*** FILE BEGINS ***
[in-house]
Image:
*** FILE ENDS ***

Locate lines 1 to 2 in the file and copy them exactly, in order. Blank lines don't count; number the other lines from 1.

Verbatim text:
[in-house]
Image: